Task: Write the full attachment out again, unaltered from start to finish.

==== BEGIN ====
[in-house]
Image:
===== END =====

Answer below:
[in-house]
Image: